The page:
“A Promised Land” by Barack Obama (1)

Long before Barack Obama became President of the United States, I read his two books: “Dreams From My Father” [my review here] and “The Audacity Of Hope” [my review here]. Then, the summer before last, I read Michelle Obama’s work “Becoming” [my review here].

I’m a huge fan of the Obamas and looked forward immensely to Barack Obama’s memoirs of his time in the White House. “A Promised Land” has recently been published and makes ideal reading for yet another pandemic lockdown.

In a preface, Obama tells us that he drafted the work with pen and pad rather than a computer. He explains that he envisaged the project would take a year and cover maybe 500 pages. In fact, he found that his memoirs will take two volumes and the first part alone is some 700 pages .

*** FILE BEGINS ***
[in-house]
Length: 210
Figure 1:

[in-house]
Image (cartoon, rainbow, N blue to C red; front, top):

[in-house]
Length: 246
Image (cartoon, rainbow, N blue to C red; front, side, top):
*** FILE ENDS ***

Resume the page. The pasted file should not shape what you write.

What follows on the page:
Conventionally, one might have expected a presidential memoir to start with a high note of his time in office: in Obama’s case, perhaps the passage of the Affordable Care Act or the killing of Osama bin Laden. Then the text would jump back in time to his arrival at the White House or perhaps even further to the start of his presidential election campaign.

But Obama is different. The opening pages are not about him but about the White House groundskeepers. Then the flash-back is all the way to his childhood in Hawaii. He reminds us that he only met his Kenyan father once. So many driven individuals seem to have had a father absent from the home and I guess that includes me. Obama found his refuge in books – as I did.


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